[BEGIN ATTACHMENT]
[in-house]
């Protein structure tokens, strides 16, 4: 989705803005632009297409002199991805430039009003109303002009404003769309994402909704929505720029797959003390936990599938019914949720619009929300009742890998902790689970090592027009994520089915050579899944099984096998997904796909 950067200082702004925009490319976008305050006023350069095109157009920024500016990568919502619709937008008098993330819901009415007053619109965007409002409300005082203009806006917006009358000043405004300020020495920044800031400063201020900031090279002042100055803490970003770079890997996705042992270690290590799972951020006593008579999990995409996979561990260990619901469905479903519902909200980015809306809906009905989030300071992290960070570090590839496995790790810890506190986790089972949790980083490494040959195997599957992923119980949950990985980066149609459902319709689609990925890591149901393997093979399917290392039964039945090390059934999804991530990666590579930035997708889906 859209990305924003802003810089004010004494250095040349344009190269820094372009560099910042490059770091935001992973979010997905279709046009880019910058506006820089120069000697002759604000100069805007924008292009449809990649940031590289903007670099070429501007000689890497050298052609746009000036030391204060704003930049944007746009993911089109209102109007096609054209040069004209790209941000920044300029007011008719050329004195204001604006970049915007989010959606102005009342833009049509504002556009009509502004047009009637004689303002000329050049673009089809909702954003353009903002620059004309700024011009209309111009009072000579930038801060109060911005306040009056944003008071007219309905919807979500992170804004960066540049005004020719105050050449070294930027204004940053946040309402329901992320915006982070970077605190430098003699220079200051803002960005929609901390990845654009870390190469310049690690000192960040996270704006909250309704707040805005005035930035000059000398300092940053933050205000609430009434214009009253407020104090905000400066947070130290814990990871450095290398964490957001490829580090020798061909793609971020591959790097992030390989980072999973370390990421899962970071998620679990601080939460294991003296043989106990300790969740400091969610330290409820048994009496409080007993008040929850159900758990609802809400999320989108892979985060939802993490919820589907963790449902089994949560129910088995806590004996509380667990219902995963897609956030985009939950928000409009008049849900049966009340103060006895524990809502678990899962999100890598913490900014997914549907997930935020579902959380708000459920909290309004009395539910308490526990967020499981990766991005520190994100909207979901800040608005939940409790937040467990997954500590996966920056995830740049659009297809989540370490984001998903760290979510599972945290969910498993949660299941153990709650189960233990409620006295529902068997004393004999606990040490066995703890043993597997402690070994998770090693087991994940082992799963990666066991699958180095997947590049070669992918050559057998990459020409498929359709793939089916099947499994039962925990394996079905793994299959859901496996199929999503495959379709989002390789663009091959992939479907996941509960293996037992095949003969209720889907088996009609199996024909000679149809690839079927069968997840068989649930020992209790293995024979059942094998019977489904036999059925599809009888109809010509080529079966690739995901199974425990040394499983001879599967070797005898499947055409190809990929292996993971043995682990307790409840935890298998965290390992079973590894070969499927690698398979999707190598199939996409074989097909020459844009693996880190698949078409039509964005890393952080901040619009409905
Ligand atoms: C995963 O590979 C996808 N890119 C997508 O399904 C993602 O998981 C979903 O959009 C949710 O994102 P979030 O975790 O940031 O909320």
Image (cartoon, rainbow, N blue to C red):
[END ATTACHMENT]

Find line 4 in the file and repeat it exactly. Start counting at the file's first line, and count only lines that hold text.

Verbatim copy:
Image (cartoon, rainbow, N blue to C red):